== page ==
Type 1 diabetes mellitus (T1DM) is an autoimmune disorder specifically targeting pancreatic islet beta cells. Despite many efforts focused on identifying new therapies able to counteract this autoimmune attack and/or stimulate beta cells regeneration, TD1M remains without effective clinical treatments providing no clear advantages over the conventional treatment with insulin. We previously postulated that both the inflammatory and immune responses and beta cell survival/regeneration must be simultaneously targeted to blunt the progression of disease. Umbilical cord-derived mesenchymal stromal cells (UC-MSC) exhibit anti-inflammatory, trophic, immunomodulatory and regenerative properties and have shown some beneficial yet controversial effects in clinical trials for T1DM. In order to clarify conflicting results, we herein dissected the cellular and molecular events derived from UC-MSC intraperitoneal administration (i.p.) in the RIP-B7.1 mouse model of experimental autoimmune diabetes. Intraperitoneal (i.p.) transplantation of heterologous mouse UC-MSC delayed the onset of diabetes in RIP-B7.1 mice. Importantly, UC-MSC i. p. transplantation led to a strong peritoneal recruitment of myeloid-derived suppressor cells (MDSC) followed by multiple T-, B- and myeloid cells immunosuppressive responses in peritoneal fluid cells, spleen, pancreatic lymph nodes and the pancreas, which displayed significantly reduced insulitis and pancreatic infiltration of T and B Cells and pro-inflammatory macrophages. Altogether, these results suggest that UC-MSC i. p. transplantation can block or delay the development of hyperglycemia through suppression of inflammation and the immune attack.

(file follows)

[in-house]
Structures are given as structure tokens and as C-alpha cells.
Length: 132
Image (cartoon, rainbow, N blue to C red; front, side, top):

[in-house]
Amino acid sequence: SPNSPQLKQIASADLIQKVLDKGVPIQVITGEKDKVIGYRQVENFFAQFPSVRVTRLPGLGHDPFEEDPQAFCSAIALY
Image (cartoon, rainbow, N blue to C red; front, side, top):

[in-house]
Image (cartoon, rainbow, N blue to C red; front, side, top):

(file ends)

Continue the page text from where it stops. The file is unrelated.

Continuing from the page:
Keywords: UC-MSC; experimental autoimmune diabetes; immunomodulation; inflammation; insulitis, Type I diabetes mellitus, RIP-B7.1; intraperitoneal transplantation.
Copyright © 2023 Lachaud, Cobo-Vuilleumier, Fuente-Martin, Diaz, Andreu, Cahuana, Tejedo, Hmadcha, Gauthier and Soria.